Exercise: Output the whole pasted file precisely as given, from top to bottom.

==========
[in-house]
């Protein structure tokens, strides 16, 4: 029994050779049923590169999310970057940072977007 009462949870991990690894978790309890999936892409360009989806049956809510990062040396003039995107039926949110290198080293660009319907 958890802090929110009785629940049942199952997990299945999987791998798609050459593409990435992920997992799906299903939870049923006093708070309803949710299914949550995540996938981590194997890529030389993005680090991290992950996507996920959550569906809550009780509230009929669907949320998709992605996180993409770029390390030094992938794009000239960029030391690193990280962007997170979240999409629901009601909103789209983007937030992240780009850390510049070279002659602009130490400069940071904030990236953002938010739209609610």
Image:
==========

[in-house]
């Protein structure tokens, strides 16, 4: 029994050779049923590169999310970057940072977007 009462949870991990690894978790309890999936892409360009989806049956809510990062040396003039995107039926949110290198080293660009319907 958890802090929110009785629940049942199952997990299945999987791998798609050459593409990435992920997992799906299903939870049923006093708070309803949710299914949550995540996938981590194997890529030389993005680090991290992950996507996920959550569906809550009780509230009929669907949320998709992605996180993409770029390390030094992938794009000239960029030391690193990280962007997170979240999409629901009601909103789209983007937030992240780009850390510049070279002659602009130490400069940071904030990236953002938010739209609610």
Image: